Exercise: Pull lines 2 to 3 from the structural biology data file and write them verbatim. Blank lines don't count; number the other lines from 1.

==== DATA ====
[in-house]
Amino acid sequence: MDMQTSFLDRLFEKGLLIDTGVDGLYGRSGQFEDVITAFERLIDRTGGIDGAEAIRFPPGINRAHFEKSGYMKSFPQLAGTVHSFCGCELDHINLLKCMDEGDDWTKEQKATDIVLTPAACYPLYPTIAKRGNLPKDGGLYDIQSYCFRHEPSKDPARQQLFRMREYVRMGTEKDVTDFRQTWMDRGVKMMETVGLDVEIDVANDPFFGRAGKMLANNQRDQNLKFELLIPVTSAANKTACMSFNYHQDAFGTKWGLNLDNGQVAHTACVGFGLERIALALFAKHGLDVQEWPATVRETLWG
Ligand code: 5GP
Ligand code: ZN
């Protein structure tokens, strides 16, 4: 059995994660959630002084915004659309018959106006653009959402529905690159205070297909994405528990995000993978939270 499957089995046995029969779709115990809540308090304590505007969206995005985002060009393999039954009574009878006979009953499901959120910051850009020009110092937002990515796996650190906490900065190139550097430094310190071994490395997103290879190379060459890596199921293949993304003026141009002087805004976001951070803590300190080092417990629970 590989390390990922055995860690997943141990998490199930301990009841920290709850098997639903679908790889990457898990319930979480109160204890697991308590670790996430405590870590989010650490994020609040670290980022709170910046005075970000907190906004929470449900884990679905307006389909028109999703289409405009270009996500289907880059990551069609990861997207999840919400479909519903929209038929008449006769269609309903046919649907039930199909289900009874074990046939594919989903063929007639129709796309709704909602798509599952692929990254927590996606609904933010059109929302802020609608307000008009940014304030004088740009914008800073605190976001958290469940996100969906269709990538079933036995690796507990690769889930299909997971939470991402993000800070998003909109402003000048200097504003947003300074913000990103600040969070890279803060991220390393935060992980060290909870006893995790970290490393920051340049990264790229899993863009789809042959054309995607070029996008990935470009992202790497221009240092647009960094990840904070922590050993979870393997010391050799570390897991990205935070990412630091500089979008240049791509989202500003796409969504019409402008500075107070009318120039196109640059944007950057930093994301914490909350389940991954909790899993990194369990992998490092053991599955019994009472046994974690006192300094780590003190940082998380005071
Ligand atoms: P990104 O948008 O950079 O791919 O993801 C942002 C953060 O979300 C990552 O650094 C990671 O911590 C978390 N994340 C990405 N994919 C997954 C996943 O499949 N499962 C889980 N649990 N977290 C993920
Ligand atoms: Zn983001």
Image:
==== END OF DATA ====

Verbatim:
Amino acid sequence: MDMQTSFLDRLFEKGLLIDTGVDGLYGRSGQFEDVITAFERLIDRTGGIDGAEAIRFPPGINRAHFEKSGYMKSFPQLAGTVHSFCGCELDHINLLKCMDEGDDWTKEQKATDIVLTPAACYPLYPTIAKRGNLPKDGGLYDIQSYCFRHEPSKDPARQQLFRMREYVRMGTEKDVTDFRQTWMDRGVKMMETVGLDVEIDVANDPFFGRAGKMLANNQRDQNLKFELLIPVTSAANKTACMSFNYHQDAFGTKWGLNLDNGQVAHTACVGFGLERIALALFAKHGLDVQEWPATVRETLWG
Ligand code: 5GP